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Thread: First timer

  1. #1

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    First timer

    Hi there,

    This is my first post here and my first time developing my own b/w film. In this case one roll of Tmax 400 and one roll of Ilford Delta 3200. I followed the instructions on Ilford's site and am using Ilford developer (Ilfasol 3), Ilford stop bath and Ilford fixing agent. I was careful to mix my solutions properly and follow the developing instructions closely. Dust hasn't proven to be a problem and my negatives are pretty straight after hanging to dry, very little curling at all. However, both rolls of film don't look right when I scan them. The negatives look normal to my eyes but when I scan I get mush, kind of like the watercolour paint effect from Photoshop. Even the grain looks very mushy. The first photo is the Ilford, the second is the Tmax.

    Has anyone encountered this before? Am I doing something wrong or is this a scanning issue? I don't think it's a scanning issue because I scan my store developed negatives all the time and they almost always look very good. I've tried different scanner settings to no avail. I think I'm screwing up something in the developing phase. Any ideas for me?
    Attached Thumbnails Attached Thumbnails image222.jpg   image226.jpg  

  2. #2
    Sirius Glass's Avatar
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    Welcome to APUG!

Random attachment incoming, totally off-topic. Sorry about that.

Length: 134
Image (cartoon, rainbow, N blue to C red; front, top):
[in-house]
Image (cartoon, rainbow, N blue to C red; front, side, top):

I think that since the negatives look good to the eye, this is a scanning issue. I cannot help you with this because I only do optical printing. Someone else will have to help you.

    In the second photograph I see ghosting and other scanning artifacts in the fencing. I would bet that those are not seen on the negative.

    Steve
    Last edited by Sirius Glass; 07-21-2012 at 07:46 PM. Click to view previous post history.
    Warning!! Handling a Hasselblad can be harmful to your financial well being!

    Nothing beats a great piece of glass!

    I leave the digital work for the urologists and proctologists.

  3. #3
    MattKing's Avatar
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    Are your store developed negatives colour or black and white?

    I ask because I see a bunch of scanning artifacts when I magnify your images.

    Scanning black and white requires different settings and/or techniques compared with colour.
    Matt

    “Photography is a complex and fluid medium, and its many factors are not applied in simple sequence. Rather, the process may be likened to the art of the juggler in keeping many balls in the air at one time!”

    Ansel Adams, from the introduction to The Negative - The New Ansel Adams Photography Series / Book 2

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    If you've scanned b/w before then my initial reaction that it was a scanning issue is probably not the case. As the other folks said if you hadn't it still may be the settings. I doubt though it is the scanning issue I originally had which was a scanner that wasn't up to snuff for more than archival/social media type purposes (I've since replaced it with a scanner that is up to the task.)